A plan to turn a huge tract of pristine Antarctic ocean into the world’s biggest sanctuary has been rejected, throwing the future of one of the Earth’s most important ecosystems into doubt.
Environmental groups said Russia, China and Norway had played a part in blocking the proposal, with the other 22 members of the Commission for the Conservation of Antarctic Marine Living Resources, the organisation set up to protect Antarctic waters, backing the proposal.
The 1.8m sq km reserve – five times the size of Germany – would have banned all fishing in a vast area of the Weddell Sea and parts of the Antarctic peninsula, safeguarding species including penguins, killer whales, leopard seals and blue whales.
Experts said it would also have played a key role in tackling climate change, as the seas around the Antarctic soak up huge amounts of carbon dioxide from the atmosphere. But following days of talks in Hobart in Tasmania, the CCAMLR rejected the plan, which needed unanimous agreement to pass.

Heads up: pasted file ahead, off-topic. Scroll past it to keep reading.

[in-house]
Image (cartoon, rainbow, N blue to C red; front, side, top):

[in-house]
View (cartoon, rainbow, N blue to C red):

Environmental groups, who had mobilised 2 million people in support of the plan, reacted with dismay.
“This was an historic opportunity to create the largest protected area on earth in the Antarctic: safeguarding wildlife, tackling climate change and improving the health of our global oceans,” said Frida Bengtsson of Greenpeace’s Protect the Antarctic campaign.
“Twenty-two delegations came here to negotiate in good faith but, instead, serious scientific proposals for urgent marine protection were derailed by interventions which barely engaged with the science.”
She said that rather than put forward “reasoned opposition on scientific grounds, some delegations, like China and Russia, instead deployed delaying tactics such as wrecking amendments and filibustering, which meant there was barely any time left for real discussion about protecting Antarctic waters”.
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